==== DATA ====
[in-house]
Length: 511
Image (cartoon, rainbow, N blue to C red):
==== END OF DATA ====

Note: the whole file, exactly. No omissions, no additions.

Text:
[in-house]
Length: 511
Image (cartoon, rainbow, N blue to C red):